The urban fabric is integrated with green areas to provide accessible public spaces.Green axes are established connecting the existing urban parks, and built areas with the coastline. Along these axes, promenades and boulevards are created that softens the urban space. The 3 olds of the region are identified and replaced with green tissue. Sponge areas are created for water percolation and flood protection. Water catchment areas maintain microclimate of the area and provide access to water systems to vulnerable communities.

A vocational centre at the junction of these multiple ecological and human axes provides the new centrality to the region. The knowledge economy facilitates economic opportunities for unskilled labourers. The reclaimed lands would be brought under the scope of ecological developments. Along with the fish ponds acting as cultural nodes, these new areas would have mangrove raves, ecological and wetlands parks which generate economy. This would incentivise their maintenance and be integrated with the built systems. These activities also aid in integrating the natural systems with the urban fabric better.

The interventions for this area are mainly about integrating green tissue with the existing urban fabric, creating new opportunities to the disenfranchised. The vocational centre is the main attractor that creates public platforms for discussions and dialogue. The plugin area between the Shenzhen and Dongguan region aids in resource and knowledge sharing. The abandoned buildings are revitalised with circular approaches and used for multi-functions like living and working. The smaller branches of water which are linear can be activated by introducing self-purifying plants. They also provide leisure for people.



The peri-urban areas across the GBA are under a constant threat of urban sprawl and loss of identity and identity. The area near the Panyu district has huge infrastructure networks cutting through them. It houses several old abandoned built areas like old factories and old houses that are in the need of regeneration and restructuring. It also houses agricultural lands and fish ponds. The presence of the industries add to the air and land pollution of the surrounding areas.

Development control lines and agricultural conservation areas established would curb the development, protect the agricultural lands and conserve biodiversity. The fish ponds and the urban green structures are connected through green axes. These axes fracture the built fabric by integrating with green to provide buffer spaces and moderate the air quality. The three olds are identified and regeneration lines are established where new interventions would be developed in the future.

There’s an existing medical centre which forms the base for the establishment of the knowledge economy. Testing centres, workshops, research labs are created in this new centrality to boost this to the surrounding regions. For the creation of productive landscapes, agricultural lands would look at increasing the food production capacity with the help of new research centres. These areas along with the fish ponds also facilitate eco-tourism and agro-tourism for revenue generation. Multifunctional landscapes are created by using the existing infrastructure lines like highways to increase the efficiency of land use.

At the micro-scale, the coastal edges are activated by the creation of waterfronts for recreational and ecological functions. Softer measures implemented for flood management also aids in the prevention of saltwater intrusion. The industrial landscapes are transformed into a hybrid typology of living, working and technological areas. The main goals are ensuring fair access to green areas and public spaces to the vulnerable communities, provide platforms for public participation and ensure sustainable resource usage.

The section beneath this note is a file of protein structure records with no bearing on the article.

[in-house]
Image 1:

The rural area in the Nansha district has lands reclaimed from water which are being used predominantly for agriculture and aquaculture. The area is highly flood-prone. There is an existent system of flood protection measures in place like dykes. This area is still quite rural in nature with small villages along the dykes. The main potential of this region is the proposed bridge connecting the east and the west bay. This place is suitable to test out the strategies to explore sustainable ways of development without resulting in environmental degradation or loss of identity

The ecological axis proposed at the regional scale overlaps with the new infrastructure axes creating multiple potential nodes of development. A knowledge-based economy dealing with sustainable agricultural practices and research labs is established for the local farmers and the people from around the region. This requires other support functions which are used as potentials to engage the coastline to provide incentives for their maintenance and conservation. The agricultural lands are protected with the establishment of development control lines and fish ponds become areas of eco-tourism and recreational areas that could be integrated with the cultural activities to encourage localised economy and engage the local people in this process of development. The coastline becomes multifunctional with the creation of wetland parks and leisure activities making sure the flood protection measures are softer, greener. There is a sense of porosity to provide room for the water in this process of development.

The introduction of the knowledge centre acts as a catalyst for generating an economy. Local economies are protected and integrated with the new developments. At the local level, people get involved in this transformation by diversifying their lands for different purposes. The coastlines are engaged with the new functions while ensuring softer buffer zones. The creation of new bridges facilitates easy access to these knowledge centres. Museums, agro-tourism and ecological parks generate revenue but also represent the local culture of the area.


Networking the Megaregion Towards Resilience

Our project envisions the Greater Bay Area as a megaregion of resilient city networks, which would function in a state of dynamic equilibrium. These networks, social, ecological and economic, would contribute to a fair and equitable society, mindful usage of resources and overall sustainable development.

The vision proposes a value-based developmental model that is representative of people and their quality of life. It fosters a growth engine focusing on building social and ecological resilience for the region. Resilience thinking as a strategy fixes the previous shortcomings and also facilitates the ability of complex social-ecological systems to change, adapt and transform to people or environmental induced stresses.

The resilient network city proposal explores the interdependencies of complex systems in this megaregion and calls for a paradigm shift in thinking by prioritising people and planet through integrated regional planning.